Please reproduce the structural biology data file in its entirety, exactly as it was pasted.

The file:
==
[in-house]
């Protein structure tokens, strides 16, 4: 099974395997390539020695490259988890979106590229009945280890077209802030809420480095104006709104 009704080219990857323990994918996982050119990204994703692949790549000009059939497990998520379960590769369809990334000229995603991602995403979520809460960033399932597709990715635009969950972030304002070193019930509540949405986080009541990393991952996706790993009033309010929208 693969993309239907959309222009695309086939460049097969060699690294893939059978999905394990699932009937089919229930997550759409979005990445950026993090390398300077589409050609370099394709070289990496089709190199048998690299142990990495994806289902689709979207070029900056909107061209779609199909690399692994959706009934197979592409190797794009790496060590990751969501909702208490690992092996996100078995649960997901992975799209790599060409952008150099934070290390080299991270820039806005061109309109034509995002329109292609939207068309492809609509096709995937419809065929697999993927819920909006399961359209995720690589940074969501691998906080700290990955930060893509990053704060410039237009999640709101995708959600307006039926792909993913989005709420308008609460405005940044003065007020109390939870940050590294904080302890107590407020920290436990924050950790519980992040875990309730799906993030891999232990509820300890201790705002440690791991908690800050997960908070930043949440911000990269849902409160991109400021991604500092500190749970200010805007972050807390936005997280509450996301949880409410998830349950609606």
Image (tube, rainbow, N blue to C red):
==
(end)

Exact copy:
[in-house]
């Protein structure tokens, strides 16, 4: 099974395997390539020695490259988890979106590229009945280890077209802030809420480095104006709104 009704080219990857323990994918996982050119990204994703692949790549000009059939497990998520379960590769369809990334000229995603991602995403979520809460960033399932597709990715635009969950972030304002070193019930509540949405986080009541990393991952996706790993009033309010929208 693969993309239907959309222009695309086939460049097969060699690294893939059978999905394990699932009937089919229930997550759409979005990445950026993090390398300077589409050609370099394709070289990496089709190199048998690299142990990495994806289902689709979207070029900056909107061209779609199909690399692994959706009934197979592409190797794009790496060590990751969501909702208490690992092996996100078995649960997901992975799209790599060409952008150099934070290390080299991270820039806005061109309109034509995002329109292609939207068309492809609509096709995937419809065929697999993927819920909006399961359209995720690589940074969501691998906080700290990955930060893509990053704060410039237009999640709101995708959600307006039926792909993913989005709420308008609460405005940044003065007020109390939870940050590294904080302890107590407020920290436990924050950790519980992040875990309730799906993030891999232990509820300890201790705002440690791991908690800050997960908070930043949440911000990269849902409160991109400021991604500092500190749970200010805007972050807390936005997280509450996301949880409410998830349950609606």
Image (tube, rainbow, N blue to C red):